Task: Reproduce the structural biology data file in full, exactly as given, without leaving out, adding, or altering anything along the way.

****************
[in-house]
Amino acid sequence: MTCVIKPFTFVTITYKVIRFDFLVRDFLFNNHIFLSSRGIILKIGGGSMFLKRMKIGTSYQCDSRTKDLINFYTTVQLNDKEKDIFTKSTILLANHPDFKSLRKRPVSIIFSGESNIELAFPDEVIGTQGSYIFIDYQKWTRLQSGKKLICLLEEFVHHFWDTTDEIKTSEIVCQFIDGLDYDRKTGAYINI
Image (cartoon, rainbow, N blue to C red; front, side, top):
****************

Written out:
[in-house]
Amino acid sequence: MTCVIKPFTFVTITYKVIRFDFLVRDFLFNNHIFLSSRGIILKIGGGSMFLKRMKIGTSYQCDSRTKDLINFYTTVQLNDKEKDIFTKSTILLANHPDFKSLRKRPVSIIFSGESNIELAFPDEVIGTQGSYIFIDYQKWTRLQSGKKLICLLEEFVHHFWDTTDEIKTSEIVCQFIDGLDYDRKTGAYINI
Image (cartoon, rainbow, N blue to C red; front, side, top):